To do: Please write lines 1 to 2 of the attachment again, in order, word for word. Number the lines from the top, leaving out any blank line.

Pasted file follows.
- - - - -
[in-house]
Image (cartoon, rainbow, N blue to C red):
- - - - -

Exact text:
[in-house]
Image (cartoon, rainbow, N blue to C red):